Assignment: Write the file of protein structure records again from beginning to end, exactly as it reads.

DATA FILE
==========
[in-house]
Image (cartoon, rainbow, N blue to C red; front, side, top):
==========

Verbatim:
[in-house]
Image (cartoon, rainbow, N blue to C red; front, side, top):